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Psychology and Religion: West and East (The Collected Works of C. G. Jung, Volume 11)

“I have often met with the objection that the thoughts which the voice represents are no more than the thoughts of the individual himself.

That may be; but I would call a thought my own only when I have thought it, just as I would call money my own only when I have earned or acquired it in a conscious and legitimate manner.

If somebody gives me the money as a present, then I shall certainly not say to my benefactor, “Thank you for my money,” although to a third person I might say afterwards: “This is my own money.”

With the voice I am in a similar situation.

The voice gives me certain contents, exactly as if a friend were informing me of his ideas.

It would be neither decent nor truthful to suggest that what he says are my own ideas. ~Carl Jung; Psychology and Religion; Page 46.

This is the reason why I differentiate between what I have produced or acquired by my own conscious effort and what is clearly and unmistakably a product of the unconscious.

Someone may object that the so-called unconscious mind is merely my own mind and that, therefore, such a differentiation is super­fluous.

But I am not at all convinced that the unconscious mind is merely my mind, because the term “unconscious” means that I am not even conscious of it.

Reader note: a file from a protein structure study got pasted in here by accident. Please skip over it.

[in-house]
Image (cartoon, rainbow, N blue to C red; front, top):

As a matter of fact, the concept of the unconscious is an assumption for the sake of convenience.

In reality I am totally unconscious of-or, in other words, I do not know at all-where the voice comes from.

Not only am I incapable of producing the phenomenon at will, I am unable to anticipate what the voice will say.

Under such conditions it would be presumptuous to refer to the factor that produces the voice as my unconscious or my mind.
This would not be accurate, to say the least.

The fact that you perceive the voice in your dream proves nothing at all, for you can also hear the noises in the street, which you would never think of calling your own. ~Carl Jung; Psychology and Religion; Pages 46-47.

To put it simply one could say: Since we do not know every­thing, practically every experience, fact, or object contains something unknown.

Hence, if we speak of the totality of an experience, the word “totality” can refer only to the conscious part of it.

As we cannot assume that our experience covers the totality of the object, it is clear that its absolute totality must necessarily contain the part that has not been experienced.

The same holds true, as I have mentioned, of every experience and also of the psyche, whose absolute totality covers a greater area than consciousness.”~Carl Jung; Psychology and Religion; Page 49.